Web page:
"[W]e propose the dynamical mapping of the . . . patterns and sequences of neuronal firing by all neurons," a group of scientists wrote in the journal Neuron last year, in an article considered to be a roadmap for the BRAIN Initiative. "Correlating this firing activity with both the connectivity of the circuit and its functional or behavior output could enable the understanding of neuronal codes and their regulation of behavior and mental states."
While there are several existing technologies (such as the functional MRI) that allow scientists to view whole-brain activity patterns, it has been significantly more challenging to record every electrical spike from every neuron, and then follow those spikes along shifting microcircuits. Advances in optical imaging and nanoprobe sensing allow for much sharper (and less invasive) recording of such activity. Scientists are currently working on wireless technology that would be able to directly monitor neural spikes, as well as ways to use synthetic DNA as a data-storage mechanism. A major thrust of the BRAIN Initiative will be to further develop these tools.
In their Neuron article, the authors envision progressing from the reconstruction of neural activity within small, simple circuits (like those of worms) to being able to record the activity within more complex systems such as those of fruit flies, zebrafish, or mice. The 15-year goal is to understand the neuronal activity of the neocortex (top layer) of an awake mouse, and then to move on to primates and eventually humans. In other words, in contrast with the Human Genome Project (which ultimately achieved its tangible aim of identifying and mapping a complete set of human genetic information), this initiative is moving more slowly toward less bombastic goals.
We have no major brain institute here in Maine; local researchers doubt they'll see direct BRAIN Initiative funding in their labs. However, megaprojects like this one are encouraging for neuroscientists everywhere, who are buoyed by any increased attention to their area of study and may well benefit, if only tangentially, from the initiative.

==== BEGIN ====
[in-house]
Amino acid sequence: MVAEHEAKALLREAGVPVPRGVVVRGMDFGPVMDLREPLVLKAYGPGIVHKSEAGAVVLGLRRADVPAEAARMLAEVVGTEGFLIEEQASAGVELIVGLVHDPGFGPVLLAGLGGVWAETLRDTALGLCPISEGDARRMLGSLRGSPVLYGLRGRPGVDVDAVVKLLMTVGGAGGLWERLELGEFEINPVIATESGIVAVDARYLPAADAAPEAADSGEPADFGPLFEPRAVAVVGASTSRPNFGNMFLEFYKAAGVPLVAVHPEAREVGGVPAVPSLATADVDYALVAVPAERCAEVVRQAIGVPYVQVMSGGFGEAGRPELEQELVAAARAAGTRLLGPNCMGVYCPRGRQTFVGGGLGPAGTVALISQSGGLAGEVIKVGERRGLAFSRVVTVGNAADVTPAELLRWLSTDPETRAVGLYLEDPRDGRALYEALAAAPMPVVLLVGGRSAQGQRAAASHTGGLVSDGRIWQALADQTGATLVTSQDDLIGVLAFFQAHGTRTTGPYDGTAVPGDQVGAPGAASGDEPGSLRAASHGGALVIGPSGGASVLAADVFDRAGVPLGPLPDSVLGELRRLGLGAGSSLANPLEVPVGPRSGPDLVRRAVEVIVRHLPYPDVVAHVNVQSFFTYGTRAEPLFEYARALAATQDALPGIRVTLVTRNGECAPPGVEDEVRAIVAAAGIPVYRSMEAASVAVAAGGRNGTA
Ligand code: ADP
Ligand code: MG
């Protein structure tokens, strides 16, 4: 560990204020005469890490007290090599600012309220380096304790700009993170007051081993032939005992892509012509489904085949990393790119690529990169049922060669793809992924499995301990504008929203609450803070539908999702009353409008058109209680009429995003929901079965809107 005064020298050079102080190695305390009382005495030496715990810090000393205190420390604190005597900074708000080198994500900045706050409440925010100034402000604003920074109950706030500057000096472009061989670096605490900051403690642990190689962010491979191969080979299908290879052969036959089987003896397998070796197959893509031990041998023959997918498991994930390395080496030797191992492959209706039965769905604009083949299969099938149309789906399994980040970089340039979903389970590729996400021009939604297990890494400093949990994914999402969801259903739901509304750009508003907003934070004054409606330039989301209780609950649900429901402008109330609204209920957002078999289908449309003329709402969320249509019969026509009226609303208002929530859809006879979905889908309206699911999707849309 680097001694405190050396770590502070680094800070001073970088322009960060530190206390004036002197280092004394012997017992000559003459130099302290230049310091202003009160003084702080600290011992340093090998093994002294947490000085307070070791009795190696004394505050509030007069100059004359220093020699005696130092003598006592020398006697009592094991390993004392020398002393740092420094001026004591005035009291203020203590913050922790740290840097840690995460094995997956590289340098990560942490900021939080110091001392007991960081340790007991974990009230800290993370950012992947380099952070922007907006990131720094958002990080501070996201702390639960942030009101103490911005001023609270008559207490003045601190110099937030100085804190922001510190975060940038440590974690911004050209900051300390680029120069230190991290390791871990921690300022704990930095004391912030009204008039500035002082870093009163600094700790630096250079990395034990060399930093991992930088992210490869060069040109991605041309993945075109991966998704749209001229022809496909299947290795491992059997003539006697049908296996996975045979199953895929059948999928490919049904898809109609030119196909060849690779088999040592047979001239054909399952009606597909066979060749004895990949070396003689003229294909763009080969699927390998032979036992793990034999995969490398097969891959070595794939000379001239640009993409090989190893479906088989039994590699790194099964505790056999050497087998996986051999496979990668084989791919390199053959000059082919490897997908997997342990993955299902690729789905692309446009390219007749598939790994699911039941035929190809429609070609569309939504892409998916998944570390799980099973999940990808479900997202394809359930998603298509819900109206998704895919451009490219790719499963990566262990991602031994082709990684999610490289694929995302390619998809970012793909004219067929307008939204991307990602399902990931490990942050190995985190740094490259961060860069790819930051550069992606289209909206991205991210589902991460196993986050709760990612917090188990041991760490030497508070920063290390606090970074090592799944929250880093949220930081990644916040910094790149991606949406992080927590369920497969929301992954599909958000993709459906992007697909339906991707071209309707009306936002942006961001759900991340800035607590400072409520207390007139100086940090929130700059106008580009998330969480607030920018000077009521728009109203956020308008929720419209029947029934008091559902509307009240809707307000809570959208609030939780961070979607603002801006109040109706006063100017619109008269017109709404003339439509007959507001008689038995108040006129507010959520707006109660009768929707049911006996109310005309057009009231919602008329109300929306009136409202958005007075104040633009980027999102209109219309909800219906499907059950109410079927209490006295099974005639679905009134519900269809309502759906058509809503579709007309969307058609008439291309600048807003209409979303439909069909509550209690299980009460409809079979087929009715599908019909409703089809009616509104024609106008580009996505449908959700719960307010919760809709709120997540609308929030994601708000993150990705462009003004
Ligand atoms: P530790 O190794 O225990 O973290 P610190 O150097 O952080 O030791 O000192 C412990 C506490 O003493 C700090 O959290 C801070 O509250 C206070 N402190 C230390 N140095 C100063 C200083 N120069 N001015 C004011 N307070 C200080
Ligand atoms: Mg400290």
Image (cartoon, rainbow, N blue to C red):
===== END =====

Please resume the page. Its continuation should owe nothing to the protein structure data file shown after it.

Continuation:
For example, mouse models created at and distributed by the Jackson Laboratory in Bar Harbor are being used at the Allen Institute for Brain Science, which is in the second year of a decade-long endeavor to understand our neural code: "how brain activity leads to perception, decision making, and ultimately action." The models allow researchers to manipulate neurons using light, or to view neurons in different colors, making for "elegant pictures" of the brain, according to Michael Sasner, associate director of bioinformatics and model development at Jackson Labs.
"The people we provide with these tools are going to have a lot more resources to make things happen," Sasner says. "Having a pot of money around the development of tools is really exciting."
Other brain-related research taking place in Maine includes:
• University of New England professor of pharmacology David Mokler is "trying to figure out a little more about how the brain works in terms of aggression," particularly the ways in which one can induce aggression in animals by socially isolating them, and what parts of the brain are involved in aggressive tendencies. Mokler is also working with a team of neuroscientists based in Boston, New Hampshire, and Maine to study the effect of malnutrition on the brain. Early findings suggest a correlation between malnutrition and attention problems or learning difficulties.